“West Side Story”: 2021 adaptation vs 1961. classic

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Natalie Wood the original Maria in the 1961 “West Side Story” above the 2021 Maria, Rachel Zegler. Steven Spielberg released his adaptaion of “West Side Story” this past December, featuring the same dancing and singing charm as the original but with it’s own unique flare.

Racial tensions are as alive today as they were in the streets of New York City 60 years ago. The original 1961 motion picture “West Side Story” draws upon these social issues, which is why it’s considered a timeless film. Having earned 10 Academy Awards and a spot in the American Film Institute’s 100 greatest movies of all time, the original film garnered critical acclaim, putting pressure on director Steven Spielberg and his December 2021 remake.

“West Side Story” began as a broadway musical, which was a reimagining of the Shakespeare play “Romeo and Juliet.” The musical follows two New York City street gangs, the White Jets and the Puerto Rican Sharks, battling for control over the turf on the upper west side. Complications arise when Tony, a former Jet gang member, falls in love with Maria, the rival leader’s sister. The story highlights themes of bigotry, xenophobia and cultural divide.

This 1961 adaptation has left a lasting impression since my first viewing experience at the age of five. I was mesmerized by the unique combination of dancing, colors, singing and of course, the forbidden love story. Leonard Bernstein and Steven Sondheim, the musical geniuses behind the beautifully composed score, propelled this story into drama and action.

The nostalgia surrounding the first movie clouds the harsh realities of the Hollywood film industry in previous decades. The original film fails to cast true Latinx actors playing the roles of the shark gang. The mostly all-white cast shatters the authenticity of the story by imitating Puerto Rican accents and darkening their skin color, weirdly reminiscent of theatrical caricature.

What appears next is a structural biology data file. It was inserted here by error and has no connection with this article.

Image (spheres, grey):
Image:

As someone who also enjoyed this story in his youth, Steven Speilberg had dreamt of bringing back the allure of the original broadway musical and was prompted to change some aspects of the 1961 film. With this project, he fulfilled his long-held goal of directing a movie musical; however, it took a great amount of time.

The script writing process took him several years because like any adaptation, it cannot be a carbon copy of the original. The film features different locations in some scenes and reduces the dated special effects from the first movie. There were also modifications to the storyline.

Rita Moreno, who played Anita in the first motion picture, was cast in a role for the 2021 film as an added character, Valentina, the widow of the white drug store owner, Doc. Her character symbolizes the progress of interracial relationships in the 1960s, providing hope for the community around her.

The 2021 movie featured a diverse cast that encompassed Latinx actors to play the sharks. Rachel Zegler, who plays Maria, moved from her high school stage to the silver screen at 17, after being selected among thousands of other actresses. Compared to the original Maria, Natalie Wood, whose singing was dubbed over, Zegler has a natural talent and stellar vocal range.

Spielberg brought a new dimension of complexity to all the characters in this adaptation. Adding depth to their storylines filled holes left in the previous film. Many subplots from the original were expanded, such as Tony’s backstory and the Jet gang members’ upbringing.

The Sharks and the Jets fight over territory but also fail to realize the gentrification of their NYC neighborhood is something they share in common. As urban progress invades their streets, the cultural divide remains most prominent in the gang’s relationship.

After watching Spielberg’s “West Side Story,” I was pleasantly surprised how Spielberg stayed true to the original storyline, while also making his version authentic.

The updated choreography illustrates the story through movement, which I thought was one of the most standout aspects. Numbers such as “Officer Krupkte,” “Mambo” and “America” were livelier than the 1961 version, and the costumes added visual impact.

After the movie’s release in December 2021, viewers and critics have lauded Spielberg’s work. The movie has received many award nominations, including the Golden Globes. I believe the movie earned its industry recognition and I hope that they will have success at the Academy Awards.

Both versions of “West Side Story” have underlying themes that are relevant today. I recommend this film to anyone who loves a blend of musical, fast-paced plots or tragic love stories. These movies will remain classics for generations to come.

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